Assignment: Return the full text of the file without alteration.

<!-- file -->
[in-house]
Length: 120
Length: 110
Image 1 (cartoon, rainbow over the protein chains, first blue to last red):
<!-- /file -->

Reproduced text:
[in-house]
Length: 120
Length: 110
Image 1 (cartoon, rainbow over the protein chains, first blue to last red):